Published in Book Reviews, Issue 2 (March/April 2019), Reviews, Uncategorized, Volume 27

Wordwell Books
ISBN 9781999790

Reviewed by Matthew Stout

Matthew Stout lectures in the School of History and Geography, Dublin City University.

Arnold Horner is a giant in the field of Irish historical geography and he is revered by two generations of geography students at UCD as an inspirational teacher. In recent years his passion for cartography has given rise to a number of publications on individual maps of Irish counties—William Larkin’s maps of Sligo, Meath and Offaly—and dozens of articles on aspects of pre-Ordnance Survey cartography. This new book is, however, his most sustained and accomplished.

The first impression of Mapping Laois is that it is a masterpiece of book production. It is beautifully printed, and even if there were not a single word in it I would still recommend it for the sheer quality of the layout and the range of maps reproduced. But don’t let the beauty of this book fool you: it is foremost a great work of scholarship on the maps of Laois.

No county in Ireland is better suited for a study of its cartography owing to the fact that Laois was the subject of Ireland’s earliest and most fascinating topographical map. The map that accompanied the sixteenth-century plantation of the county provides just one of many valuable lessons in this book. The path of mapping is not a continuous line of progress. This first map is like an aerial view of the county, with its bogs and its woods, churches and clearings and routeways, but it would be three centuries before anything as accurate, comprehensive and convincing would be produced again.

This first map also shows us how things can endure in the landscape, for example the fort at Maryborough (modern-day Portlaoise). It is there in the 1550s, in the Grand Jury map of the county from 1805, in the Ordnance Survey fair plan of 1840 and in numerous revisions into the twentieth century. Then, after the foundation of this state, the fort becomes lost beneath the foundations of a vocational school. But for centuries it was as if nothing could grow on the plantation-wounded landscape.

It is a commonplace now that maps are about power and that the history of mapping in Ireland is the history of the colonial process. That, too, is reflected in this book. Oliver Sloan drew a map of the county in 1763 and depicted only a single Catholic church when there were probably more than two dozen. There is an entire population excluded from these maps of the landlord’s world, but what an extraordinary world it was while it lasted. It is impossible to escape the allure of the estate maps (for all the inequality that they express), and in this book the reader will marvel at how a landscape was so meticulously transformed and then so pleasingly depicted on its maps.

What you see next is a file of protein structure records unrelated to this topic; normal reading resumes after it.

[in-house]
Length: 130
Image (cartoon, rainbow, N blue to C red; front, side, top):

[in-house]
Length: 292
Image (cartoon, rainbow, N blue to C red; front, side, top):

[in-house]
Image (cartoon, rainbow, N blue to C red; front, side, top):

There is a palpable sense of the hidden potential of the eighteenth-century Irish landscape—just out of reach, just beneath the surface. Arnold Horner’s animated prose captures these exciting, optimistic and improving times. And it was an optimism that took an incredibly long time to dissipate. They brought the canal to Mountmellick in 1831 to carry the goods produced in ‘the Manchester of Ireland’ (imagine!—Mountmellick, the Manchester of Ireland!), but never quite got the canal as far as the coal-seams in the south of the county, although maps preserved the existence of a mining settlement built by the canal company in anticipation of the canal getting there. As late as 1912 a map was drawn showing the proposed railway designed to unleash the imagined potential of the Laois coalfields. Anything seemed possible in pre-Famine Ireland, including the construction of a round village proposed for Timahoe. Unfortunately it was never built.

Just two of the hundreds of maps in this volume demonstrate the importance of Laois cartography as a source for Irish history far beyond the county boundaries. The racecourse at Kilmorony, where once the horses of the gentry ran, was by 1839 parcelled out into plots for potatoes, oats and turnips. The map is unadorned, reflecting a new, harsher reality. Elsewhere in Laois, Horner notes that the viewing stand of the racecourse on the Heath is ‘in ruins’ on the 1841 OS map. He writes simply: ‘Times were changing’. Indeed they were.

Fast-forward to a map from the Valuations Office. It is a much-annotated large-scale plan of Portlaoise and it shows the Catholic church built there in 1965. The church is drawn in great detail and beautifully hatched by hand. Horner points out that ‘its footprint stands in sharp contrast to the smaller buildings and properties nearby’. And it looks like a footprint, the footprint of the new colossus that marched across the landscape of the new state. Could there be a better example showing how maps are expressions of power?

There is much in this book in addition to the maps and text. Mapping Laois incudes a comprehensive atlas of the county and a complete catalogue of the maps of Laois. Horner has discovered many new maps by searching through the private libraries in Britain of the great families who once held land in Laois. Critically, this book achieves three separate goals: for those interested in maps it provides a history of the mapping of all of Ireland through the lens of a single county; it tells the story of an Irish county through the lens of its maps; and, ultimately, it becomes a history of the Irish landscape as told through the lens of a single county’s maps, brought together here between the covers of this beautiful and insightfully written book.


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